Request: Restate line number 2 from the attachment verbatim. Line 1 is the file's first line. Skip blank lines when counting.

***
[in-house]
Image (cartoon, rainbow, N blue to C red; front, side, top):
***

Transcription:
Image (cartoon, rainbow, N blue to C red; front, side, top):